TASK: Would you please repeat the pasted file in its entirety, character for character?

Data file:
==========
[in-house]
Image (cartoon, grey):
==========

[in-house]
Image (cartoon, grey):